IPv4 Subnetting Made Simple

How To Subnet The Easy Way

For the past three months I’ve been studying for my CompTIA Network+ and Cisco Certified Network Associate (CCNA) certification exams. Recently I have taken and passed my Network+ exam but I’m still preparing for the CCNA as this exam is a lot more comprehensive, especially in subnetting. I took the N10-007 and scored a 747 on my first attempt. Subnetting is one of the most important topics covered in Network+ and Cisco exams so it’s paramount that you understand how it works. During my studies I came across a few resources that helped me master the concept of subnetting and solve any subnetting problem within one minute. Although it can take some time and be tough to grasp, you will be able to master subnetting if you follow these steps and practice.



Before you read this you should already have a basic understanding of IPv4 and binary math. If you don’t know binary you can watch my Learn IPv4 and Binary Math video, which will bring you up to speed. Alright, in order to make subnetting simple you need to memorize two basic charts and simple math, which I have posted below. You should be able to create this chart from memory after some time.


Chart #1 displays your CIDR notations, their corresponding subnet masks, and the number of hosts and networks that it will allow. This second chart is just your 8 bits written out, writing this out will help you quickly find your network ID. I only wrote down /1 through /8 to save time but you can do all /32 if you need to. You would write four columns with 8 rows each. So the next column would be /9 through /15 then the third would be /16 through /24.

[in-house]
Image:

You will also need to know the powers of 2. This will help when we get into VLSM.
2 4 8 16 32 64 128 512 1024 2048 4096 8192

Finding The Magic Number

Let’s take a look at this sample subnetting question

What are the network address, broadcast address, and the subnet mask for a host with the IP Address below?
IP Address: / 21

First we need to ask ourselves, what class is this IP address in? Since it falls between the 192-224 range we know that it’s a class C IP address. Class C IP addresses are a /24 by default therefore we know that it has already been subnetted. We could do this the long way and do a bitwise anding but using your chart will save you time when taking the exam. Now we need to refer back to our chart. This will give us our subnet mask and magic number. In this case our subnet mask is and our magic number is 8 so we know that the networks are going up by 8.

Now we list out our multiples of 8
8, 16, 24, 32, 40, 48, 56. Since 49 falls in between 48 and 56 we know that our network address is
To find our broadcast address we just subtract 1 from the next network so the broadcast address is (Because is the next network).

Our subnet mask is /21 (/21 indicates 21 bits turned on)

We will examine an example problem for a Class B.

Enter the maximum number of valid subnets and usable hosts per subnet that you can get from the network

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